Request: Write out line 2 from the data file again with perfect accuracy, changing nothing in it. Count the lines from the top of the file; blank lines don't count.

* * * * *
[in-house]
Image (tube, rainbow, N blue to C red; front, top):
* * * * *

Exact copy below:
Image (tube, rainbow, N blue to C red; front, top):